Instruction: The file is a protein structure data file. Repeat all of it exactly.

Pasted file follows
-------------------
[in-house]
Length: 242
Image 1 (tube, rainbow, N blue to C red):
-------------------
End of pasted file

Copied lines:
[in-house]
Length: 242
Image 1 (tube, rainbow, N blue to C red):